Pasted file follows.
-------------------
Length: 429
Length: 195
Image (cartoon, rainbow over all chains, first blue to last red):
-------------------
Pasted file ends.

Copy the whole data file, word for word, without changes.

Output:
Length: 429
Length: 195
Image (cartoon, rainbow over all chains, first blue to last red):